happier with less. A woman smiling widely looking at the stars.

5. Increased confidence

The whole learn to let go and live with less attitude really helps to boost confidence. The entire lifestyle teaches self reliance, and even when starting, showing yourself you are able to live with less can be extremely good for your confidence.

Now you’ve seen some of the benefits of minimalism, I guessing you want to read on and see how you can become a minimalist at home today.

In this next section I will cover how to change your mindset to help adapt to a minimalist lifestyle and the first 7 steps you should take. In the spirit of minimalism, lets not clog this post up with stuff you don’t need – Let’s get to it.

Learn to let go: adopting a minimalist mindset

Firstly, let me make something clear. Getting rid of the things you’ve held on to for years, for one reason or the other, is not going to be easy. But, if you are able to battle through and start decluttering your life, you will soon start reaping the benefits and be extremely glad that you did what you did.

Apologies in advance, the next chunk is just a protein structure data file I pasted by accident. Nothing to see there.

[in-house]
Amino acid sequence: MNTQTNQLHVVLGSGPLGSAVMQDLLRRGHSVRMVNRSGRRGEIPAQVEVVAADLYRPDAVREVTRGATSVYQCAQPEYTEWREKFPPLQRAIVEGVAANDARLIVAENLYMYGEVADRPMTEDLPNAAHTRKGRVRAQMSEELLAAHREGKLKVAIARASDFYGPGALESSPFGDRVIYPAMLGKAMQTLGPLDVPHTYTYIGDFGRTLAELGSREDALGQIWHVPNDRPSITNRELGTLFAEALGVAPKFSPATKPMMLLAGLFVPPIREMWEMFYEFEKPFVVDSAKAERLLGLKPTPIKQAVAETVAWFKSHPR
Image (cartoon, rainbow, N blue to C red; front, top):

To make this process easier I am going to share with you the system I used to help me learn to let go of my stuff and how you can determine what you need to keep and what you need to get rid of.

Please keep in mind that living a simpler life, with less stuff doesn’t just mean getting rid of your rubbish, but all some of your genuinely good stuff. Being a minimalist means owning only what is essential to your life and will bring you genuine happiness.

So how do you let go of your stuff even if it holds sentimental value?

My system for getting rid of stuff I do not need is very simple:

  • I set myself a time limit
  • I start with the stuff that I class as trash
  • I get help from friends or family members
  • If the item holds sentimental value I get emotional and try and find what I really gain from owning that item.

Let’s take a more detailed look at these points.

setting a time limit